3. Combinatorial Screening of Biomimetic Protein Affinity Materials (pages 4691–4697)

      Trent R. Northen, Matthew P. Greving and Neal W. Woodbury

      Article first published online: 15 OCT 2008 | DOI: 10.1002/adma.200800567

      Thumbnail image of graphical abstract

      A patterned combinatorial library of peptide-grafted polymer affinity materials is screened for target protein binding. In situ light-directed synthesis is used to produce high-density libraries that allow for the screening in parallel within an area less than 1 cm2. From these libraries, specific peptide/polymer combinations are identified with very high target protein affinity, enabling facile detection of the target at concentrations in the low picomolar range in the presence of excess competitor.

    4. Binding, Internalization, and Antigen Presentation of Vaccine-Loaded Nanoengineered Capsules in Blood (pages 4698–4703)

      Robert De Rose, Alexander N. Zelikin, Angus P. R. Johnston, Amy Sexton, Siow-Feng Chong, Christina Cortez, William Mulholland, Frank Caruso and Stephen J. Kent

      Article first published online: 17 OCT 2008 | DOI: 10.1002/adma.200801826

      Thumbnail image of graphical abstract

      Nanoengineered microcapsules (shown in green) can be used to encapsulate vaccine antigens conferring protection of the cargo until the capsules are taken up by specialized antigen presenting cells in human blood such as dendritic cells (cell membrane in red, nucleus in blue). This technique offers potential applications for in vivo vaccine delivery.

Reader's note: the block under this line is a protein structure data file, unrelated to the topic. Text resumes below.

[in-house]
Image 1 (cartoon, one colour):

5. Chemical Solution Route to Conformal Phosphor Coatings on Nanostructures (pages 4704–4707)

      Eve Bauer, Alex H. Mueller, Igor Usov, Natalya Suvorova, Michael T. Janicke, Geoffrey I. N. Waterhouse, Mark R. Waterland, Quanxi X. Jia, Anthony K. Burrell and T. Mark McCleskey

      Article first published online: 15 OCT 2008 | DOI: 10.1002/adma.200800798

      Thumbnail image of graphical abstract

      We have demonstrated the ability to apply thin conformal films onto complex nanostructures using a polymer assisted deposition technique. Sequestering the metal by binding it to a polymer results in a bottom-up growth process that leads to conformal film deposition. We have deposited a thin film of the phosphor Eu:YVO4 on 60 μm thick anodiscs® with 200 nm pores resulting in highly luminescent nanostructures.

    6. Downscaling of Organic Field-Effect Transistors with a Polyelectrolyte Gate Insulator (pages 4708–4713)

      Lars Herlogsson, Yong-Young Noh, Ni Zhao, Xavier Crispin, Henning Sirringhaus and Magnus Berggren

      Article first published online: 21 OCT 2008 | DOI: 10.1002/adma.200801756

      Thumbnail image of graphical abstract

      A polyelectrolyte is used as gate insulator material in organic field-effect transistors with self-aligned inkjet printed sub–micrometer channels. The small separation of the charges in the electric double layer at the electrolyte-semiconductor interface, which builds up in tens of microseconds, provides a very high transverse electric field in the channel that effectively suppresses short-channel effects at low applied gate voltages.